The STO camp at Pihen-les-Guines, was on the road leaving north of the village in the direction of Bonningues and was for French workers obliged to work for the Vichy / German regime. A camp worker, Laurent Mosna, recalled, '... there was a windmill with two sails and facing the mill were 20 or more barracks with around 20 people in each one.' The camp was partially destroyed in a bombing raid. Mosna worked on the concreting the interiors of the tunnels at Mimoyecques, particularly at the -100m level, which was to be devasted by the Tall Boy bomb attack. While he had freedom of movement and was paid, his diary reveals the constant terror of air-raids and many close misses by bombs and crashing aircraft in June and July 1944. He also see the terror of the local population under the bombardment. He is also just meters away from the Tall Boy impact at Mimoyecques. This was not a Jewish camp.

28. Ferques Camp - Ferques

This Jewish camp, or kommando, is listed as a distinct camp in the 'Liste des Israelites...'and it is stated that workers here were contracted to the firm, Erbes Bau and Julius Berger. For example Desire Szeszler (no. 1935) is listed as a slave worker at this camp before his deportation and Samuel Godschalk (no. 618) died at Ferques camp. The exact location of the camp is not known, but would most likely have been in a pasture in the near vicinity of the village (general location 50°49'52.67"N 1°45'41.56"E).

29. Peuplingues

The OT camp at Peuplingues was officially titled 'Arbeitslager Marck-bei-Calais', but known by prisoners as the 'Camp de Peuplingues'(Marck itself is just east of Calais). The camp was run by a camp commandant with the assistance of Hitler Youth and had 200 - 300 inmates and was a closed penal establishment. However, the sources do not allow a particularly coherent picture of the history of the camp to be drawn, especially in relation to the presence of Jews in the camp and their specific treatment.

However, the 'Report definitive - No. 6 - Peuplingues' and Delmaire agree that Peuplingues was a camp used to detain Belgian Jews, and notes that it was operated for this purpose, from 5 October till 10 December 1942. However, the camp is not specifically noted in the 'Liste des Israelites...', though since the camp only opened towards the end of the first main period of the Jewish camps in November 1942 it may not have come into its purview. The Report definitive agrees that Belgian Jews from Lille were initially present in the camp and managed from Lager Tibor. It would appear that as usual, the Jews were segregated from other prisoners and workers and were enclosed by barbed wire. One of the only Jewish prisoners, Max Bleiberg (b. 01.03.1907), mentioned in the annexes of the Report, went to Peuplingues, from Merxplas prison, from 17.09.42 to 31.12.42 and was deported as a Jew, via Mechelen, to Auschwitz.
Other prisoner groups included Belgians and French prisoners convicted by German military tribunals, and transferred from prisons such as Merxplas, for offenses such as listening to the BBC, issuing anti-German propaganda and publications, or falsifying papers, or possessing illicit weapons, so the camp contained many resisters.

Many of the prisoners originated from a convoy of 900 prisoners sent out of Merxplas on 5.10.42. and the report suggests that the main history of the camp is from this date.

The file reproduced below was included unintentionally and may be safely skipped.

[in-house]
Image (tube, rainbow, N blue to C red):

The Report states that the inmates were kept in 2-3 wooden barrack huts, 10-20 meters long and 6 wide, with another special hut for the guards, with a hut for the guards canteen and kitchen. Another part of the report also states a hut was used for administration, so there were 5-6 huts making up the camp. The camp was surrounded by barbed wire, and was in a meadow, in a pasture belonging to the local Marie.

The main guard of the camp were OT guards from Holland and Belgium, but at some point they were replaced by Dutch SS. The camp had the usual insufficient food and privations, prisoners were beaten by the guards, though the volunteers would have had better conditions and treatment. The prisoners worked for the OT on the Atlantic Wall and carried out the usual constructional works, concreting, working on roads, transporting construction materials and they would have to walk to the work sites - about a half hour each way.

An examination of RAF Aerial reconnaissance photographs shows a group of 6 barrack huts in a line, approximately 24m x 10m in size, on an E-W orientation, in a pasture, 40 m N of the Route d'Escalles, at precise location, 50°54'50.05"N 1°45'25.80"E and which are just 100m S of a cluster of relict bomb craters, on the current aerial Google Earth image, suggesting they were the intended target. The photograph also has a long shadow at the northern end of the camp commensurate with the profile of a watchtower. It seems likely this is the Jewish camp described in the report.

The report notes that there were another 2-3 camps at or around Peuplingues for Hitler Youth, with 10-20 barracks for 300-400 young Germans. There were also barracks for volunteer workers from Holland and France, working for German firms, though an examination of the aerial imagery available has not revealed or verified their locations.

30. Charleville les Mazures Camp

There was one additional camp in the Ardennes region, referred to as 'Charleville les Mazures' in the 'Liste des Israelites...'. This nomenclature seems to present a geographical conflation and confusion, as 'Mazures' is a small village in the Ardennes, very close to Revin, in the district of 'Charleville-Mezieres' (general location 49°53'18.61"N 4°37'35.22"E). By context of other reports, it absolutely clear that the actual kommando referred to in the report was at, or near the village of Mazures, and the work-site was in the forestry around Revin, though there are reports of an entirely different camp at Charleville-Mezieres 15km southwards, noted in British intelligence report of September 1942, as a large concentration camp for Jews near the town.

Even though this camp was in actuality 230km inland from the coast and Dannes itself. However, contemporary sources quoted in Delmaire, shows that it was administered direct from Lager Tibor, and always regarded as one of this groups of camps. Delmaire quotes one official who wrote to the camp as the, 'Camp des Mazures, Dannes-Camiers, Ardennes'(!)
Furthermore this was one of the camps which had permanent operation from July 1942, to its liquidation in 1944. The camp at Mazures started on 18 July 1942, when some 200 Jews from Antwerp arrived via Revin and it functioned for 18 - 20 months, until liquidation on 4 January, 1944. The work at this camp included road maintenance, work at Revin station, cutting down trees for charcoal production, as well as camp based work. Exceptionally at this camp the Germans did paid salaries to prisoners and their families for the duration of the first eight months. The 'Liste des Israelites...' notes that the companies Viot and Vaisset employed the slave-workers in forestry.